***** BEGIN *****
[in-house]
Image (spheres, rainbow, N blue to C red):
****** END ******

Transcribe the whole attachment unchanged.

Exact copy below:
[in-house]
Image (spheres, rainbow, N blue to C red):